The two linebacker rooms on the Washington football team come into this season in very different places. On the outside, a group that had an underwhelming 2018 campaign returns everyone, a year older and more experienced. On the inside, meanwhile, the Huskies have two starters with a pair of seniors who didn’t see the field much in past years and a pack of underclassmen.
“That’s why we have a really good coaching staff,” defensive coordinator Jimmy Lake said after Washington’s third day of training camp. “You’ve got to be able to coach the young guys, coach the old guys, blend the two, know when we’re giving too much information or too little information.”
Seniors Kyler Manu and Brandon Wellington have 62 career tackles and one career sack between them. But after Ben Burr-Kirven and Tevis Bartlett both graduated, the two found themselves the unequivocally leaders of a corp that includes six true freshmen and four redshirt freshmen.
Manu and Wellington have taken every snap of 11-on-11 drills with the starting defense. Behind them, redshirt freshmen MJ Tafisi and Jackson Sirmon have been the second pairing. Those two have been paired together pretty much since they arrived on campus last year and played as a unit in spring ball as well — more by chance than design, according to inside linebackers coach Bob Gregory.
“They’re certainly taking a step and getting better,” Gregory said.
Behind those four, fellow redshirt freshmen Edefuan Ulofoshio and Ben Hines, and Josh Calvert, who enrolled early and participated in spring ball, the Huskies have a large group in the middle still in their first week of college practices.
“They’ve all been awesome so far, and helping them with any questions they have is great,” Manu said.
The outlook is completely different on the outside, where the only player not returning from last year’s group is Benning Potoa’e, who’s moved inside to defensive tackle.
Joe Tryon and Ryan Bowman have been the usual starters so far, with Myles Rice and Ariel Ngata backing them up, but all of the UW edge rushers come in a year more mature than they were last year.
“Now just honing those techniques, fine-tuning those techniques as we get through training camp and into that first game, is very exciting,” Lake said. “I know those guys are chomping at the bit. All they’ve heard is the negative part of their game, and I think they’re excited to go show the world what they can do.”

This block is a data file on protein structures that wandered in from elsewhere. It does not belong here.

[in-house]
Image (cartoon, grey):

Best hands in the room update
The “Best Hands in the Room” competition among the UW secondary got murky Sunday. Coming into the day, freshman walk-on Nick Juran had the lone interception on the scoreboard. In 7-on-7 drills, Elijah Molden brought in his first takeaway of training camp, picking off Jake Haener. Another freshman walk-on, Mishael Powell, thought he had an interception off of Jacob Sirmon, but was flagged for on a questionable pass interference call.
Right after that, Juran looked like he had taken the lead back, diving forward to catch a tipped ball from Dylan Morris. After deliberation, the coaches gave him the pick.
In the final period of 11-on-11, Molden came down with his second interception of the day, again off of Haener, and Myles Bryant opened his account off of Haener in the end zone.
As it stands now, Molden and Juran are tied at two picks apiece. After practice, Lake said the ultimate decision on Powell’s and Juran’s would come down to a jury of the secondary during film study.
- Jacob Eason had one of his better throws of camp Sunday, finding Chico McClatcher on a 45-yard bomb down the right sideline for a touchdown.
- True freshman Dylan Morris continues to look good with the fourth-team offense. His drive during the first 11-on-11 portion of practice lasted just one play, a 45-yard touchdown up the seam to Fatu Sua-Godinet.
- Julius Irvin worked in at nickelback with the second team defense for a short period.
Reach Managing Editor Josh Kirshenbaum at firstname.lastname@example.org. Twitter: @J_Kirshenbaum
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